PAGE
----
class MyName { ... };

different from

 typedef class { ... } MyName;

and similarly for struct (and maybe enum too)? Regardless of the answer, should it be mentioned in the article? --Quantling (talk) 19:11, 29 April 2010 (UTC)

The latter is a typedef declaration that happnes to declare an unnamed class. The resulting typedef-name, MyName, can't be used in certain circumstances:
typedef class 
  MyName(); // error, a class-name is required for a constructor. This is a function with no return type
} MyName;

void f()
  int MyName; // declares an object "MyName" of type int
  class MyName myName; // error, typedef-name following the class-key in an elaborated-type-specifier
Yes, surely this info is more important to the article than some of the current examples. decltype (talk) 09:03, 30 April 2010 (UTC)
Btw, this also applies to enums and structs (a struct is a class). decltype (talk) 09:04, 30 April 2010 (UTC)



08:46, 30 April 2010 (talk | block) (7,474 bytes) (Undid revision 359028539 by Decltype (talk) what part of this is incorrect?) (rollback | undo) 
(cur | prev)  09:58, 29 April 2010 Decltype (talk | contribs | block) (6,874 bytes) (→Using typedef with pointers: rm misinformation) (undo) 

The text was:

Note that a struct declaration in C++ also defines an implicit typedef—that is, the data type can be referred to as var (rather than struct var) immediately, without any explicit use of the typedef keyword. However, even in C++ it can be worthwhile to define typedefs for more complicated types. For example, a program to manipulate RGB images might find it useful to give the name ImagePointer to the type "pointer to array[3] of int":

I removed the information because it incorrectly asserts that a struct declaration in C++ defines an implicit typedef, which has no basis in the language. Instead, C++, allows you to omit the class-key in an object declaration. The ImagePointer example, the way I see it, is just original research unless backed by a source - especially considering that typedeffing pointer types is often discouraged in C++. decltype (talk) 09:44, 30 April 2010 (UTC)

I guess the point of the first part was that in C, the only way to introduce a new single-word type identifier was using typedef. But in C++, struct, class, enum, etc. can also introduce new single-word type identifiers. So from the perspective of C, it is as if each of these did a typedef. But, on a second look, it seems that this is already covered in the "Simplifying a declaration" section. So feel free to remove it again I guess. -- (talk) 20:11, 2 May 2010 (UTC)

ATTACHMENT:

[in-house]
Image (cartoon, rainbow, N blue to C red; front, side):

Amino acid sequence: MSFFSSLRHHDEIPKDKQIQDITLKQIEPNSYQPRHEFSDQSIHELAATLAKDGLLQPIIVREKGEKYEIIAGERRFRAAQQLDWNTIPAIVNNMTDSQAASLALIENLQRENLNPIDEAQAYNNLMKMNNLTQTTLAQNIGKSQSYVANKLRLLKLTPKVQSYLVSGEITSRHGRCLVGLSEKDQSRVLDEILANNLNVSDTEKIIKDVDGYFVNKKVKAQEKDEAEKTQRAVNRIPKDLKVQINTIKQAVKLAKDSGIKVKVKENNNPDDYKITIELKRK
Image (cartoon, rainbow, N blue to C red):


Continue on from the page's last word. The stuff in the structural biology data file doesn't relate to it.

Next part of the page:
What I'm really missing is the general syntax of the typedef keyword. Can anyone copy it from a C book and paste it here?

After searching a while, I found the following syntax definition: typedef type-definition identifier;

This syntax definition is wrong. It just happens to lead to a correct result in a subset of cases, but that is not how typedef is defined. This blog entry explains it: JonKalb (talk) 16:48, 18 June 2016 (UTC)

Correct me, if I'm wrong, but I think, I can also write something like this in C: typedef struct _NewType { int Value; } NewType, *PtrNewType;

I'm really not familiar with C, but it looks as if there are two identifiers in this statement. —Preceding unsigned comment added by (talk) 11:55, 5 November 2010 (UTC)

First paragraph is incorrect wrt standards[edit]

Strictly, POSIX specifies that typedef names ending in _t are reserved for use by standards only. User code should never typedef anything ending in _t (since doing so may cause overlap with later revisions of POSIX etc.), and the standards certainly do not recommend doing so, despite this being a common practice today in system-level software.

The paragraph should be modified to reflect this. At the very least it shouldn't propagate a false recommendation! — Preceding unsigned comment added by (talk) 15:37, 4 November 2016 (UTC)